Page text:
Another tip: Ask for a roundtable, which brings you closer to more people, says Christine Morgan, president of the Twin Cities section of the Hearing Loss Association of America.
Bring your own assistive listening device. Listening assistive devices, or ALDs, work with your hearing aids or have earbuds or headphones for people who do not use hearing aids. A small, portable wireless microphone amplifies conversations while reducing background noise, says Sydlowski. You can circulate the microphone to talk with different people, and the signal can be transmitted up to 80 feet from your ears. “You can use one at a noisy wedding, in a restaurant, when you go to the drugstore – just put it on the counter,” she says.
Or use your smartphone as an amplifier. Speech amplifier apps can turn your smartphone into a remote microphone, sending sound to headphones or hearing aids that can be paired with your phone. Examples include the iOS Live Listen app and the Android Headset Remote and Sound Amplifier apps. Another app, called Chatable, is available for iOS and Android devices. “Turn on the app and hand your phone to whoever you want to talk to,” Sydlowski says. “You will hear them much more clearly. “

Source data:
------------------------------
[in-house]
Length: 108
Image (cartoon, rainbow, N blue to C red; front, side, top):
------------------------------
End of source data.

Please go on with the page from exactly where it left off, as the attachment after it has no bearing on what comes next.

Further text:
Visit restaurants during off-peak and quieter hours. “If we go out to eat, we usually don’t go between 11:30 am and 1:30 pm for lunch. We’ll be going at 2pm, so places are less crowded, ”Morgan says.
Meet someone new
Have a script. Ebert recommends creating a brief explanation of your hearing loss that you can use when meeting people. As you repeat it more often, you will be more comfortable revealing your condition and asking for what you need to hear better. “Being up front is almost always the right decision,” she says. “If you feel embarrassed, practice with strangers you probably won’t see again, like your seatmate on the bus or someone in a store. “
Ask for what you need. Don’t hesitate to ask people to face you when they talk, slow down, or speak a little louder, says Ebert. It is also helpful, she says, to ask the other person not to speak while eating, to avoid yelling, and to keep their hands away from their mouth, which interferes with lip reading and interpretation. facial expressions.
Use technology, or pencil and paper, for better understanding. Face masks and other coronavirus-related precautions, “such as plastic barriers,” can make hearing and understanding more difficult during errands like a stop at the bank or grocery store. Using a speech-to-text captioning app on your smartphone can help (options include Live Caption, eyeHear, and TextHear for iOS devices; Speechnotes for Android devices; and Ava for iOS and Android). Simply activate the app and point your phone’s microphone at the speaker. A no-tech alternative: Jot down important information or have the other person do it, Ebert says.
Sari Harrar is a contributing editor of AARP publications specializing in health and science.